Shin Splints


Ouch. You ever get shin splints. The very uncomfortable pain, most commonly associated with your anterior shin bone (tibia). Well, often times people who are de-conditioned and out of shape experience this problem when they:

  • Go from sedentary and inactive to weight bearing and active
  • Go from sedentary and/or walking to linear, multi-directional or stop + start running
  • change running surfaces: grass to turf, pavement, concrete or wood
  • wear improper footwear: old, worn out sneakers or poorly fitting sneakers
  • have poor foot musculature (soft feet as opposed to strong, muscular feet)
  • have weak (lack of stability or loose) or jacked up (lack of mobility or stiff) ankles
  • have weak anterior shin muscles
  • have poor hip mobility (stiff hips)
  • have poor lumbar spine stability (weak core)
  • have poor recovery from activity
  • forgot their shin pads and got kicked by your partner in Krav Maga

Why does this happen?

The most common reason they experience this is because their feet are soft from wearing soft shoes. Their ankles are weak and stiff from previous ankle sprains or sitting too often and for too long. Their calves, Achilles tendon or entire lower leg musculatures are tight from also sitting too often and for too long. They lack mobility in their hips (too stiff, not a good dancer) and their core is probably weak (unstable and soft like a bowl full of jelly). You could go further and say their thoracic spine is stiff (upper back), their scapulo-thoracic joint (shoulder blade) is unstable and weak and their gleno-humeral or shoulder joint is stiff and weak. The whole kinetic chain is usually messed up, but not in all cases.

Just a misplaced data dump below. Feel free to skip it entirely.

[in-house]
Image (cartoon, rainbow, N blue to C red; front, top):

What do you do?

Here’s an 11 point action plan I use in my Newton (Boston) Change Your Body Boot Camps to correct shin splints for my participants from acute symptomatic treatment of the actual pain on your shins (ouch!) to the long term resolution of your issue, sometimes it’s even instantaneous relief, just ask Flo.

1. Ice massage with an ice cup (paper cup filled with water and frozen) rubbed over pain site for 10min (if cold sensitive, take off and put back on when tolerable)

2. Foam Roll calf and Achilles tendon. Turn foot in & out.

3. Foam Roll peronneals on the lateral aspect of the lower leg. This is the Curt Shilling muscle from the blood sox or sock days of 2004.


4. Foam Roll the shins

5. Lacrosse ball roll on foot

6. 3-Directional Flat Ankle Mobes (straight over 2nd toe, diagonally towards big toe & pinky toe)


7. 3-Directional Incline Ankle Mobes (straight over 2nd toe, diagonally over big & pinky toes)


8. Frontal Plane ankle mobes (pronation & supination)


9. Active Shin Stretch

10. Active Gastrocnemius Stretch

11. Active Soleus Stretch

Give it a whirl and post a comment below to let me know how it works for you.

Your coach,

Mike Alves

Boston Boot Camp


Newton Boot Camp


Change Your Body Boot Camps



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